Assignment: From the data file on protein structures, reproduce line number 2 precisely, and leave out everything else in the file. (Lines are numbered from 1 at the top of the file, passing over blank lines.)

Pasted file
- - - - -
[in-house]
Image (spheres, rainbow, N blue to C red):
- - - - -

Image (spheres, rainbow, N blue to C red):